RIO DE JANEIRO, Sept. 7 (Xinhua) -- Brazilian scientists on Thursday released a new batch of genetically-modified mosquitoes in its fight against diseases such as dengue, Zika and chinkungunya.
The Oswaldo Cruz Foundation (Fiocruz) launched a new stage in the fight against dengue fever in Rio de Janeiro by releasing specimens of the aedes aegypti mosquito with the Wolbachia bacterium.
The bacterium works by interfering with the mosquito's reproductive capacity, so scientists hope the strategy will eventually eradicate them and the diseases they spread.
Head researcher Luciano Moreira said scientists won't be able to gauge the effectiveness of the plan for another three to five years.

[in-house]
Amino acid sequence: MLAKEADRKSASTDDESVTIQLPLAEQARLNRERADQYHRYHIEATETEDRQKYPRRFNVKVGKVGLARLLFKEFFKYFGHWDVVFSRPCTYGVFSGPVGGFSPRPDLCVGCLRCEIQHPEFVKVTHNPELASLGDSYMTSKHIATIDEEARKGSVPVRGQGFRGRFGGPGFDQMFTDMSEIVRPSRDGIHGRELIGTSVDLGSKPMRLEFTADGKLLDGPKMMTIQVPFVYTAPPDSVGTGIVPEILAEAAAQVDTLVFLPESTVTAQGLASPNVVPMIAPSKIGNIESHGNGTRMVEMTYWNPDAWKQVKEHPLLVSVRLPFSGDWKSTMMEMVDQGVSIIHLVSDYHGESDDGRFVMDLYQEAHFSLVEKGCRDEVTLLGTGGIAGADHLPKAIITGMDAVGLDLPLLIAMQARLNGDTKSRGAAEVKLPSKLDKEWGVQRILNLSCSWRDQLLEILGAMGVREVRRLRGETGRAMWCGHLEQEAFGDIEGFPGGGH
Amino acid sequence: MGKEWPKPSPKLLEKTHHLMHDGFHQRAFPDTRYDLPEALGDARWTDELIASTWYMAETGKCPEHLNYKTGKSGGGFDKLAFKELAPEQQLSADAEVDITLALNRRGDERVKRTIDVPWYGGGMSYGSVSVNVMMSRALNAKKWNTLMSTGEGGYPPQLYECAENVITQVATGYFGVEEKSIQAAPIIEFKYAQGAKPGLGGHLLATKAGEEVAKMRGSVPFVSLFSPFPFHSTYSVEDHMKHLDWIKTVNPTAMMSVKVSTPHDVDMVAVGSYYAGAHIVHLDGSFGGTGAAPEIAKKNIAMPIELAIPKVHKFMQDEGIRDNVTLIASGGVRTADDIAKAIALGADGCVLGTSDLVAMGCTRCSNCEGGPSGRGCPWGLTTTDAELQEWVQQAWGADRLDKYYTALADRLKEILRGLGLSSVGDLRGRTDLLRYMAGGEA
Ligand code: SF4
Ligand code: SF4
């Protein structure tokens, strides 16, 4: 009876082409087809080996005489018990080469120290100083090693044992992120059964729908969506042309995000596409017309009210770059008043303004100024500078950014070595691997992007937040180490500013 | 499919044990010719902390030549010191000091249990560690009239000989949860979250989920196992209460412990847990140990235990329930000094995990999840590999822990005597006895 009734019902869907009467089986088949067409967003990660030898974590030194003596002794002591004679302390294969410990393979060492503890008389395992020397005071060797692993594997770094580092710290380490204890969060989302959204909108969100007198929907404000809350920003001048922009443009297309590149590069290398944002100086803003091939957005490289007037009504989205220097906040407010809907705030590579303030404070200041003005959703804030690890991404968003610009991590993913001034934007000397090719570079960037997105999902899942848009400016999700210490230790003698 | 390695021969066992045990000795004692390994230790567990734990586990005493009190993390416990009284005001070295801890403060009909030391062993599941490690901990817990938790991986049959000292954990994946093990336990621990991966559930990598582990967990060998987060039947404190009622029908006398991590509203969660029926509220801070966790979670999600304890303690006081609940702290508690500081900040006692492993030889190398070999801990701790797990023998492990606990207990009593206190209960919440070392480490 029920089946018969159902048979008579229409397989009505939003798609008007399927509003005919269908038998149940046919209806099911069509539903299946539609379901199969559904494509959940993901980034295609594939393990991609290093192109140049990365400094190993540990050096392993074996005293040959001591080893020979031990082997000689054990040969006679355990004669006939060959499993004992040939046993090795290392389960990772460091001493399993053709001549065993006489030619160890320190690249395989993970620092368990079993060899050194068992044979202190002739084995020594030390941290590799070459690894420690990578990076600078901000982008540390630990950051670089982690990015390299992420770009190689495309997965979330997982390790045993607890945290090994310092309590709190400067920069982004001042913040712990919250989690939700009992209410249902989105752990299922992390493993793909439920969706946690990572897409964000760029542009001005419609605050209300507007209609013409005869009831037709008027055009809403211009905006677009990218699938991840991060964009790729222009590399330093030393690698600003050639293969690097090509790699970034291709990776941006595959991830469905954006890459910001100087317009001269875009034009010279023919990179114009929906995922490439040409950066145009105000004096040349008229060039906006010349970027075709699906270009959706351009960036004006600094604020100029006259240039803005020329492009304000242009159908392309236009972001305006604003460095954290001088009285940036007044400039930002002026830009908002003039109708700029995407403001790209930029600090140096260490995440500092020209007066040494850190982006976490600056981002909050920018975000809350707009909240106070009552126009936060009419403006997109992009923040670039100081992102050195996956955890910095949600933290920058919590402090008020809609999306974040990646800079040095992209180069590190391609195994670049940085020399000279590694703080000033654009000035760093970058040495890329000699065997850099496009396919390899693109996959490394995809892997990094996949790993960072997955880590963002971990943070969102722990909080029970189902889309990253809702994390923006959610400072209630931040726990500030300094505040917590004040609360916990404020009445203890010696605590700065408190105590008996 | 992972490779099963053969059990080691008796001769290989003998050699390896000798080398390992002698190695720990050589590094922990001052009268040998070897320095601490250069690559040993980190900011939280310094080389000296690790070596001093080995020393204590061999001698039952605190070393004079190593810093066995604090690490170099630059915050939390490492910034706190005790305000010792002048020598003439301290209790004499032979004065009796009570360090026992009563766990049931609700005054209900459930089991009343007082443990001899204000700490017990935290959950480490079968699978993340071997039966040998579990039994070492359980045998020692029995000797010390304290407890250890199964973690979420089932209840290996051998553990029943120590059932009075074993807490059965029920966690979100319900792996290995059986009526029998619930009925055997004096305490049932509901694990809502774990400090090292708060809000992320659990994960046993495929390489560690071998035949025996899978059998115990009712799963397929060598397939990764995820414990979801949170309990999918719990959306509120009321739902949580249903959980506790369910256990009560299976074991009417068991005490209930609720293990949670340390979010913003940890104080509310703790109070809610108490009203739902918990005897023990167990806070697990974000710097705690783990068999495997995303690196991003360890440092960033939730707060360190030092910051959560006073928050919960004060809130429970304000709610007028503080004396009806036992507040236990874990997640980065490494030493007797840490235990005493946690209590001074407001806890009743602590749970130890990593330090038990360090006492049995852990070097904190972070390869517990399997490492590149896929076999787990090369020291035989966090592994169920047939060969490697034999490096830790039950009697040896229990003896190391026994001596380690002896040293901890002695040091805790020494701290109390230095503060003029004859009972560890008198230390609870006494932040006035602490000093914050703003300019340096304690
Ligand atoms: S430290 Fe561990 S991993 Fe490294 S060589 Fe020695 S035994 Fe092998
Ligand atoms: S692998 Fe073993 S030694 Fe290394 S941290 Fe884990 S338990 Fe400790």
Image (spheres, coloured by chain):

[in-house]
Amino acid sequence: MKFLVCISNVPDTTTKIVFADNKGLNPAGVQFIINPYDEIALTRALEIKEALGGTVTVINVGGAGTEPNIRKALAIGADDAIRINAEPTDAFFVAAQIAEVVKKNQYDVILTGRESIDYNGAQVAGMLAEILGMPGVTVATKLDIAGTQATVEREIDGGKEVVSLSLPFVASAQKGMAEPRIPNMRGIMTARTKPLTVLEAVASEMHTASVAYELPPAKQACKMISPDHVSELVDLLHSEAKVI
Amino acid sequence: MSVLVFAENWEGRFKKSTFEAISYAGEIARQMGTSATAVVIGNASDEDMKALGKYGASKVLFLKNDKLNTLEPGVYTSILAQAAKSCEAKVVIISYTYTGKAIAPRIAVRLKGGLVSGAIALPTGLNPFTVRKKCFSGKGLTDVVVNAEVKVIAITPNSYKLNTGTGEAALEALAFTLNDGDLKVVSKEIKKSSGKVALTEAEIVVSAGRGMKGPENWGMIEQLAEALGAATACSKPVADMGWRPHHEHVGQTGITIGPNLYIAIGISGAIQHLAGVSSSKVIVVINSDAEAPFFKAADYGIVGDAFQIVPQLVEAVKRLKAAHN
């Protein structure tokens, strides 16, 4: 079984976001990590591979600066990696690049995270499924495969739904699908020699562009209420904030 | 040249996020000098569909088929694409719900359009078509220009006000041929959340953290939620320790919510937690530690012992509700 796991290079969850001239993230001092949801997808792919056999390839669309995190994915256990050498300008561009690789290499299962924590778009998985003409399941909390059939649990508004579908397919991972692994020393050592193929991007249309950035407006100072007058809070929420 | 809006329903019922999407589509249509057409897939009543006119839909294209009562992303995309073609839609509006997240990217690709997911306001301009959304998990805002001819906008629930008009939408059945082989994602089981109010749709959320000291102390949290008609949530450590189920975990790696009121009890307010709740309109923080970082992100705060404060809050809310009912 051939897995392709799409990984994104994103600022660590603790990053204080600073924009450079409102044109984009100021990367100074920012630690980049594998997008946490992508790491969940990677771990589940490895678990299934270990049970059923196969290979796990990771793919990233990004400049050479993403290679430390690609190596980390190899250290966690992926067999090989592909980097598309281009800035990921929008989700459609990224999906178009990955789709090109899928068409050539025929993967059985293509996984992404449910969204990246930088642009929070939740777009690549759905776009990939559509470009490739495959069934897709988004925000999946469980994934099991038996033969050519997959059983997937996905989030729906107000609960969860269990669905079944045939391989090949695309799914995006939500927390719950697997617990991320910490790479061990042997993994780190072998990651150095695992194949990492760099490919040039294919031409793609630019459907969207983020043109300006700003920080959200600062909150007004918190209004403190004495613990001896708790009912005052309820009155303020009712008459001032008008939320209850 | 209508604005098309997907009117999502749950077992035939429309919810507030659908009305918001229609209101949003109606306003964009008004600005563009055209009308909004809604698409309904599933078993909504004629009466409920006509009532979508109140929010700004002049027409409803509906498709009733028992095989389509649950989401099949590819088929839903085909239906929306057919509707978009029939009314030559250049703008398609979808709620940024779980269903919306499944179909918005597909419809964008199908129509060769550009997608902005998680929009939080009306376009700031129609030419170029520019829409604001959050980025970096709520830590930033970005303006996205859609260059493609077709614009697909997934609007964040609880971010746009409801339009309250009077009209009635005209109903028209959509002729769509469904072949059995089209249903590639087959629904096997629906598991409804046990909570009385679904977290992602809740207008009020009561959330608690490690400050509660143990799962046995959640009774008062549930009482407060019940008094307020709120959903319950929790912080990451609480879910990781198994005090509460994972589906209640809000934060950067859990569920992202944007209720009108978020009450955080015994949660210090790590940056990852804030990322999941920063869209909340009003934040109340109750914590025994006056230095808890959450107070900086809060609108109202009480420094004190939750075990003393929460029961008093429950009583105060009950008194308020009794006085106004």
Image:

He added residents cannot rely solely on such methods to combat mosquito-borne diseases.
"People must be aware that they have to do their part. It's really important. Taking care of their yards, eliminating breeding sites, not leaving containers or vessels with water for mosquitoes to breed," said Moreira.
Scientists plan to gradually expand the area of release, with an initial 10 neighborhoods targeted.
By the end of 2018, some 2 million altered mosquitoes are expected to be released.